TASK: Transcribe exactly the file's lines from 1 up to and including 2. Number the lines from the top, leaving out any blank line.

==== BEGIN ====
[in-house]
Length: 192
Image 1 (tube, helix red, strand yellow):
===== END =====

[in-house]
Length: 192